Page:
Get an alarm that plays music or a radio station rather than a rude jading alarm sound. I have my iPhone alarm set to play “Winter Light” by “Linda Ronstadt.” It’s the end tune from the 1993 movie “The Secret Garden.” I love it. It has lilting uplifting tones that invite me back into this world rather than drag from my deep slumber.
Use Bright Colours
Bright colours brighten up the day. Ever noticed the plethora of greys, browns, blacks and in general darker colours that people wear during winter? It’s almost like the weather affects people’s choices and subconsciously they reach for something in tune with the elements. Bright dispels dark. Think about it. How do you feel when walking into florist’s store? Or have you ever been lucky enough to wander through a meadow of wild flowers? A number of years ago I sat on the edge of late summer paddock sprawling with wild rampant Penny Royal. A sea of purple spread out in front of me interspersed with yellow patches of some sort of daisy. Even now I can recall how I felt – euphoric, elevated, and very free.
There are many ways to add zesty colour to your surrounds in winter. Picked flowers, even fake ones, can brighten up enclosed spaces. Accessorise with scarves, hats, gloves. Be daring and purchase a boldly coloured warm accoutrement. If anything it will start conversations (which will lead into the point below about relationships). If you use a computer, search the internet for a high resolution picture of something colourful that evokes uplifting feelings in you. It can be a painting, a zany image, a shot of summer flowers, a wild wind sweep scene – just something that when you look at it, it boosts how you feel.
Some years back I was given a very garish and starkly bright yellow and red “Cat in the Hat” devut cover that I really did not want to use but was obliged to use. As strange as it sounds it actually changed the way I felt about lying in my bed. It’s hard to describe but the brightness and themic call to mischief made me happier. I guess when horizontally vulnerable hovering between conscious worlds it is easier to be open to such a subtle influence.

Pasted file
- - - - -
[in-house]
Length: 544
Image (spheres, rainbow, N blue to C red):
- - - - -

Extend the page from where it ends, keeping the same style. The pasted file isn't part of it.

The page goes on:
Despite the cold consume raw salads.
Raw fruit and vegetables are the power house of your digestion, and the major seat of your immune system sits in your gut. There your friendly bowel bacteria perform numerous tasks necessary to your health, one of which is to keep your immune system working at optimum.
However they are easily overwhelmed by excessive quantities of food, food that is highly processed, low fibre – high fat – simple carbohydrate food – or to put it in layman’s term – stodge.
Google winter warming salads for some ideas on how to make salads during winter that can boost your immune strength. Lack of warmth is one factor that negatively affects your immune response. Foods that contribute to your inner warmth help stave off cold induced infections.
Invest in your relationships around you
Winter traditionally was the time when you ate through your summer store and preserves, and burnt through the wood that you had stored up for the cold weather. And then you spent time with each other – as there was not much else to do. Now before you ask me how I know this(I grew up with a telly), my Aunts, Great Aunts and other living relatives born before the turn of the 20th century, years ago detailed to me what they used to get up to during the winter months. In short it mostly involved interacting with one another.
Let’s face it – while it may be too cold to venture out for an invigorating bush walk, or to head to the beach for a jolly good game of rounders, you can visit people or have people over. Winter is the perfect time to check up on old friends. What can be more enjoyable than holding a bowl of brothy soup in a cosy cafe catching up and sharing what’s been happening for you and them.
Talking is still a great remedy for those feeling down. The human spirit hates isolation which strangely is a natural response to feeling low, but just exchanging words, stories, points of view all help to raise the human spirit and elevate mood.
Use these six tips to help your winter trundled along better. Let me know how you get on. I would love to hear what others do to keep themselves buoyant throughout the winter months.